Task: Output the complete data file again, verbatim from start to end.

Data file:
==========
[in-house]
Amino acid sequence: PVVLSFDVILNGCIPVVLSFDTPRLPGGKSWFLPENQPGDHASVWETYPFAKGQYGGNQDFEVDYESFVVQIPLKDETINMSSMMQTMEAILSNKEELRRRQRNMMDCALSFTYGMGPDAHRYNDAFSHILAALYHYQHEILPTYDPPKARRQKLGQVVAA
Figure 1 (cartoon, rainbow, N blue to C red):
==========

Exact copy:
[in-house]
Amino acid sequence: PVVLSFDVILNGCIPVVLSFDTPRLPGGKSWFLPENQPGDHASVWETYPFAKGQYGGNQDFEVDYESFVVQIPLKDETINMSSMMQTMEAILSNKEELRRRQRNMMDCALSFTYGMGPDAHRYNDAFSHILAALYHYQHEILPTYDPPKARRQKLGQVVAA
Figure 1 (cartoon, rainbow, N blue to C red):